film review (TV36)
In depth, moving history lesson
Although labelled a mini series, this one seems quite lengthy (over 16 1/2 hours) probably due to its in-depth agenda. Please don't be put off however. It's a really moving and interesting account of the whole mess that was the Vietnam War. The footage and photography throughout the series shows the true horror of this war. It also shows the story behind the many protests and the political corruption that went on during the administration of 4 US presidents.
Covering the events from 1858 (yes, eighteen fifty eight) to the present day, this epic could have been spread over twice as many episodes. I for one, hadn't realised that Vietnam had been a melting pot for civil troubles for so long. For me the 'Vietnam War' was a guerrilla war between the US and North Vietnam from the late 60's to 1975. I hadn't known that the Vietnamese people had suffered for many decades at the hands of the French, before it all kicked off after WWII.
Now I'm no big fan of gung-ho, shoot-em-up, bad-ass movies with Amuricans waving the star spangled banner and this series certainly isn't an advocate of that, one little bit. The young men and women who volunteered or were drafted, were well and truly dropped into a horrific mess, that they'd never be able to solve. The US governments over the last 20-odd years of the war, made a total shambles of an impossible situation and almost 60,000 US soldiers and approximately 2 million Vietnamese paid the ultimate price. Even those soldiers who returned mainly intact, suffered chronic mental issues still do today.
Sun Sep 20 2020
The most profound piece of film I have seen in years
I love documentaries, I'm incredibly interested in wars and I'm biased towards Ken Burns' Docs. So I may be skewed in that regard when I say that The Vietnam War was the most moving thing I have seen on my television set in years, maybe decades. It is an investment. 10 episodes, most of them 2 hours long, at times admittedly redundant, but packed with incredible insight, astounding footage, and all kinds of juicy political revelations. I have heard some criticisms that this documentary leans favorably towards Communism and does not celebrate American soldiers enough. I would beg of anybody to watch this to put aside their political views when watching this beautiful documentary. Many times during my viewings, I thought I had a firm stance on something that occurred during the war and then somebody would come on and share their view on the subject. Immediately, my view was shaken, if not changed altogether. I can't say that the film looks favorably or unfavorably on any particular political party or 'side' if you will. All I can tell you is that everybody, from VietCong farmer, anti-war protesters, prisoners of wars to ambassadors all have plenty of screen time to share their perspective. And in a nutshell, that's what blew me away about this documentary. The different perspectives that arose. I am only convinced of one thing after seeing this documentary, there simply is no answers on this war. And certainly no obvious truths. War is complex, war is hell, war wounds and war heals. You can go into this thing looking to vilify Nixon, slander the VietCong, lambaste antiwar protesters, but I assure you you will walk away having learnt something and fostered a new outlook. Incredibly highly recommended but this is not popcorn and beer viewing. Serious, graphic and powerful stuff. Amazing.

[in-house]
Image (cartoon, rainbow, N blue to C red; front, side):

Sun Sep 20 2020
Documentary of a lifetime
Watching Ken Burns and Lynn Novick's 10-part documentary « The Vietnam War » will make you uncomfortable for days and might give you horrible nightmares. It is, however, important to watch, if you can stomach 16h30 of machine-guns and napalm explosions and images of traumatic violence (the violence is necessary to comprehend the scale of this war). Using actor Peter Coyote's wonderfully articulate narration as a red thread, the directors have assembled archive footage and cross-cut it with testimonies from veterans, both American and Vietnamese.
There might be a few too many individual storylines overall, and the footage of generic air combat becomes numbing after the first hours: its repetition inadvertently comes close to normalizing images of war.
It's thrilling to watch not because of the gory scenes but because it's made by competent and well-documented filmmakers who aren't worried about losing the audience. The only moments that feel almost exploitative come from the soundtrack: all those legendary hit songs almost romanticize the concept of war combat. But maybe it would be absolutely unbearable to watch otherwise.
What the meticulous narrative achieves is that it brings you closer to an understanding of the multi-layered powers at play. And that you can't reduce it to one single dynamic: it wasn't just the murky complexity of the post-WWII Vietnamese political situation, and it wasn't just the questionable judgment of three successive American presidents and their advisors, or their obsession with hunting down Communism overseas, or the ego-driven political agendas at times of presidential campaigns. It's all of the above and more, and it shows maybe most evidently how the Vietnam War forever changed the way we look at politicians.
You come out thinking that war, fueled by blinding hate, inevitably becomes immoral.
Sun Sep 20 2020